It's been good to take a break. My kids have needed me, and I needed the rest.
Here's what's gone on the past couple of weeks:
1. Christmas. It was a quiet one - like last Thanksgiving, it was the first time ever that our little family was alone on Christmas Eve and Christmas Day. After years of muddling through, my side of the family has agreed to try to get together the Sunday before Christmas every year, leaving Christmas Eve and Day for immediate family. So wonderful.
2. Ruthie's birthday. I still can't believe my baby's four. She's growing up tall, shaped like a very cute string bean. She changes clothes fourteen times a day, and plays pretend with Annie (6) for hours on end ("You can be the huthband thith time, Annie," she says.). She's starting to get a little big for her britches, so we're working on that, but when she says, "You're the betht Mommy ever," it sort of makes up for the struggles we face over who's really in charge around here.
Here she helps make lefse, our Christmas traditional Norwegian potato flatbread. Aren't you glad to know the lefse bakes on a very hot griddle?
3. Tessa. I should just have it engraved on my forehead: S-U-C-K-E-R.
Tessa is our new calico kitten. She was a gift to Libby (10), who started begging back in October for a hamster for Christmas.
No offense to any of you rodent lovers out there, but we have a No Pets In A Cage policy here at the Raising Five house. Let’s just say, Been there, done that with hamsters, birds and rabbits. It’s bad enough that kids (no matter how many tears and promises to the contrary) don’t clean smelly cages out without frustrated mothers holding the proverbial gun to their heads. I don’t have time or patience for that. But the Unacceptable Factor for me is, who wants to hold ANY animal whose digestive outputs are, shall we say, unpredictable?
We set our last hamster - Chubs, the evil, biting man that he was – free. We feel confident that he married a mouse wife and now rules the vermin of the creek behind our neighborhood.
Sooo, after a few visits to the pet store to humor her, calculating the ridiculous cost of cages (you know it’s bad when the pet store offers “free rat with purchase of cage”), we decided another cat would be a better bet for our dear, animal-loving Libby (remember, she wants to be a people AND animal dentist?). Our resident cat, Jack, sleeps all day in the house, and then we put him out at night to hunt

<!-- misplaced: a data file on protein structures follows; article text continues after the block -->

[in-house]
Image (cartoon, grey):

hamsters mice. And no litter box, to boot. But maybe a nice, inside cat would do.
So we visited our local Humane Society and found Tessa. She is sweet, doesn’t relieve herself unexpectedly when we’re holding her, she doesn’t bite, and she has no cage to clean.
4. Moving. After years of dreaming about it, we are taking our first halting steps toward getting out of our concrete jungle. We love our house, and have lots of friends here, but we live in a huge "suburb," with a mall and a Walmart on every corner, and where there are over 1,100 students in each high school class.
It's just too big.
We spent the weekend looking at houses in a town about 30 miles away - the commute would add about 15 minutes to Dennis's current in-traffic drive to work.
But in my mind, to come home to this every night would be totally worth it.
**And, edited to add, just because**
Due to the sprawling nature of our megalopolis, going thirty miles from here does not mean thirty miles out of "town," necessarily. This particular town has two good-sized cities (40,000 and 100,000) 15 miles in either direction. I think that many people live in my current ZIP code, so getting 15 miles away from at least some of them sounds awfully nice!
5. Today is Libby's 10th birthday, so I'm off to bake a cake. She's my animal lover, my time keeper, incredibly smart, and a little on the pensive side when she's not cracking a hilarious joke with her very dry sense of humor.
She's on that cusp - she loves playing (a little too roughly!) with the little girls, but doesn't want to be relegated to the little girls' world. And although she shares a room with Allie (14) and they talk and laugh until way too late for a ten year old, she's not quite ready for the older kids' world, either. It's a precious time of innocence and anticipation, and I'm holding her close.